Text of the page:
Seven must-see objects at the British Museum
Go and see the Parthenon ‘Elgin’ Marbles of course. They are amazing. But be prepared for the gallery to be packed with grumpy Greeks in ‘Give Them Back’ T-shirts. For relief, visit the nearby room of the Mausoleum at Halikarnassos. Constructed in the fourth century BC, in what is now Bodrum, Turkey, this huge tomb gave us the term ‘mausoleum’, and was decorated with massive sculptures, which got bigger the higher up the building they were placed, so their effect was still powerful from the ground. These days, you put your statement art in your corporate boardroom. Not King Maussollos: this enormous marble horse was part of a chariot group that surmounted the edifice.
Find it in Room 21
Among all the incredible virtuoso displays of cultural and artistic power and wealth in the British Museum, it’s nice to see such humble objects as these clay figures from Bab edh-Dhra, near the Dead Sea. Although they’re 5,000 years old, you can picture kids making them today all over the world. Okay, maybe not the penises. On which note, they have arguably the best caption in the whole museum: ‘Two of them certainly represent men. The third is either female or has lost a small piece of clay.’
Find them in Room 59
I always go and look at these sculpture reliefs from around 650 BC. For my money (ie, none), they’re among the greatest works in the BM: a savage but curiously relatable depiction of the bloodsport of kings and dentists: lion hunting. Like an ancient Walter Palmer, the Assyrian king is seen offing a series of big cats in a symbolic display of power and manliness. It’s not that simple, though. The mechanics of the hunt are shown: lions are released from cages and guided towards the king, while packs of attendants with dogs and spears safeguard his highness. The lions themselves are portrayed as ripplingly magnificent, the king stylisedly anonymous. Repeat visits are recommended.
Head to Room 10a
Not everything in the British Museum is ancient. The institution has an ever-growing collection of artefacts from cultures and peoples across the world. This silver ring, in the form of a Dodge pick-up, was made in 1998 by Navajo silversmith Clarence Lee, in a tradition of native American metalworking that stretches back 150 years. It’s not just a status symbol or a witty bit of bling: there’s a water butt in the back of the truck, inset with turquoise. The Navajo got motor vehicles after WWII, and they made everyday tasks like collecting water for the community a lot easier. The piece helps reminds you that the objects in the BM are not just exhibits: each of them has a specific cultural story to tell.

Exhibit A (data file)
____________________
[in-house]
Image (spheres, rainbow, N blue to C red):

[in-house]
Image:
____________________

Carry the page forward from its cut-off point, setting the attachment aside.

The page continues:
Find it in Room 26
The afterlife: what’s it like? Few peoples in history have been as preoccupied with this question as the ancient Egyptians. The BM has an unrivalled collection of mummies and grave goods, including some astonishingly lifelike Roman-period mummy portraits. You assume that this false toe must have some symbolic purpose, perhaps to ensure that your body went into the hereafter complete, in case you wanted to play ‘this little piggy’ or fancied a kickabout. Wear and tear, though, suggests it was a genuine prosthesis, from 600 BC. There’s a joke to do with a Bangles song here: I just can’t think what it is at the moment.
Find it in Room 63
Bet you didn’t know that the BM had a whole gallery devoted to money? Well it does, and in it is this not-very-exciting-looking copper coin. Read, on, though, because this is basically the PayPal of the seventeenth century. Money, you see, was dead easy to fake, and even the non-dodgy stuff was put out in an unregulated way, so was widely regarded as worthless. So coffee houses – the equivalent of the internet, where you went to be seen, gossip, show people etchings of cats etc – started issuing their own coinage which they and their clientele could trust. Ye hipsters of the day were well pleased with themselves about that, no doubt.
Find it in Room 68
This is one of the most visceral moments in a collection that – let’s face it – presents death in plenty of grotesque and unpleasant forms. One of the imperial palace guards of the ancient city of Ur in what is modern-day Iraq clearly came to a sticky end, probably as part of a rite which saw royal staff and retainers take part in a suicide pact to accompany their king into the afterlife. This soldier’s crushed skull inside his crushed helmet has survived from 2,500 BC, in an object that looks like it could have come from a trench in Flanders just a century ago.
Head to Room 56
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